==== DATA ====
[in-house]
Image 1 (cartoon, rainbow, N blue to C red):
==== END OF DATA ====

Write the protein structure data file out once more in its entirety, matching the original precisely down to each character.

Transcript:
[in-house]
Image 1 (cartoon, rainbow, N blue to C red):